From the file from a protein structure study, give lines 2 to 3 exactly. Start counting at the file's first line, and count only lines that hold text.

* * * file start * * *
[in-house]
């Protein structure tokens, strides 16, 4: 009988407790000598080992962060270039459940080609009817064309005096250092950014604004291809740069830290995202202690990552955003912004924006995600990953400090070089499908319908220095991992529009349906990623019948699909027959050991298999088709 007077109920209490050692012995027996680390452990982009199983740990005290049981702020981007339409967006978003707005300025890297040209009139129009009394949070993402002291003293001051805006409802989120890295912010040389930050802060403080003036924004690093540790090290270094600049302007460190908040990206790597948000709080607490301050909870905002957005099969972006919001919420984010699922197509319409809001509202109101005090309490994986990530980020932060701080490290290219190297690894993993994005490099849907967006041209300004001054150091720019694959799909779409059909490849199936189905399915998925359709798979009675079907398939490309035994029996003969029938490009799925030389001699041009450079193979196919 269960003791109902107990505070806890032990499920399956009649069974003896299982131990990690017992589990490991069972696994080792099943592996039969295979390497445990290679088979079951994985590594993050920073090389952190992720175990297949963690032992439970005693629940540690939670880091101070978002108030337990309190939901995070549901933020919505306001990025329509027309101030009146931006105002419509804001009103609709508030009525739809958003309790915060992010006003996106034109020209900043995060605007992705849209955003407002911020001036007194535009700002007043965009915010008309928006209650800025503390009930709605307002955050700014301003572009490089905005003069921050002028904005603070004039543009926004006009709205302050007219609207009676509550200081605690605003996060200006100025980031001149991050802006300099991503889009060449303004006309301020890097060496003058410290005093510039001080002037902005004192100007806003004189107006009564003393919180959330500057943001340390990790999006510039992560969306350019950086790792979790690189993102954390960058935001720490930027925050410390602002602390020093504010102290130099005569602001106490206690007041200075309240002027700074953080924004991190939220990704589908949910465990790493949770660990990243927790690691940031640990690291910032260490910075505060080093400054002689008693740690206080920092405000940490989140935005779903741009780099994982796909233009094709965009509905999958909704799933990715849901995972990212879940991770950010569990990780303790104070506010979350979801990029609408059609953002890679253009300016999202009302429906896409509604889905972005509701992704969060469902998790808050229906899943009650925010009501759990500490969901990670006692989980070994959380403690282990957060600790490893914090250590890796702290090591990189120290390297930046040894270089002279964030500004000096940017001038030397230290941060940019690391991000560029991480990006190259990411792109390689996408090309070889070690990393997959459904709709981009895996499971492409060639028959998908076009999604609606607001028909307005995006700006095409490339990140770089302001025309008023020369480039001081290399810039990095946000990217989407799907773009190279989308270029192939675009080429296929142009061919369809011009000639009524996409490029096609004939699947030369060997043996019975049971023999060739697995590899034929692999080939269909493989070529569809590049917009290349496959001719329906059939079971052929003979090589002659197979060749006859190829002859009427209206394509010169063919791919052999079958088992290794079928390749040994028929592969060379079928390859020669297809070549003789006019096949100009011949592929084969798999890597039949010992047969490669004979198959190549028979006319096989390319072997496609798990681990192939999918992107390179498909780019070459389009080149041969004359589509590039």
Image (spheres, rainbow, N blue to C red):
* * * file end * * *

């Protein structure tokens, strides 16, 4: 009988407790000598080992962060270039459940080609009817064309005096250092950014604004291809740069830290995202202690990552955003912004924006995600990953400090070089499908319908220095991992529009349906990623019948699909027959050991298999088709 007077109920209490050692012995027996680390452990982009199983740990005290049981702020981007339409967006978003707005300025890297040209009139129009009394949070993402002291003293001051805006409802989120890295912010040389930050802060403080003036924004690093540790090290270094600049302007460190908040990206790597948000709080607490301050909870905002957005099969972006919001919420984010699922197509319409809001509202109101005090309490994986990530980020932060701080490290290219190297690894993993994005490099849907967006041209300004001054150091720019694959799909779409059909490849199936189905399915998925359709798979009675079907398939490309035994029996003969029938490009799925030389001699041009450079193979196919 269960003791109902107990505070806890032990499920399956009649069974003896299982131990990690017992589990490991069972696994080792099943592996039969295979390497445990290679088979079951994985590594993050920073090389952190992720175990297949963690032992439970005693629940540690939670880091101070978002108030337990309190939901995070549901933020919505306001990025329509027309101030009146931006105002419509804001009103609709508030009525739809958003309790915060992010006003996106034109020209900043995060605007992705849209955003407002911020001036007194535009700002007043965009915010008309928006209650800025503390009930709605307002955050700014301003572009490089905005003069921050002028904005603070004039543009926004006009709205302050007219609207009676509550200081605690605003996060200006100025980031001149991050802006300099991503889009060449303004006309301020890097060496003058410290005093510039001080002037902005004192100007806003004189107006009564003393919180959330500057943001340390990790999006510039992560969306350019950086790792979790690189993102954390960058935001720490930027925050410390602002602390020093504010102290130099005569602001106490206690007041200075309240002027700074953080924004991190939220990704589908949910465990790493949770660990990243927790690691940031640990690291910032260490910075505060080093400054002689008693740690206080920092405000940490989140935005779903741009780099994982796909233009094709965009509905999958909704799933990715849901995972990212879940991770950010569990990780303790104070506010979350979801990029609408059609953002890679253009300016999202009302429906896409509604889905972005509701992704969060469902998790808050229906899943009650925010009501759990500490969901990670006692989980070994959380403690282990957060600790490893914090250590890796702290090591990189120290390297930046040894270089002279964030500004000096940017001038030397230290941060940019690391991000560029991480990006190259990411792109390689996408090309070889070690990393997959459904709709981009895996499971492409060639028959998908076009999604609606607001028909307005995006700006095409490339990140770089302001025309008023020369480039001081290399810039990095946000990217989407799907773009190279989308270029192939675009080429296929142009061919369809011009000639009524996409490029096609004939699947030369060997043996019975049971023999060739697995590899034929692999080939269909493989070529569809590049917009290349496959001719329906059939079971052929003979090589002659197979060749006859190829002859009427209206394509010169063919791919052999079958088992290794079928390749040994028929592969060379079928390859020669297809070549003789006019096949100009011949592929084969798999890597039949010992047969490669004979198959190549028979006319096989390319072997496609798990681990192939999918992107390179498909780019070459389009080149041969004359589509590039």
Image (spheres, rainbow, N blue to C red):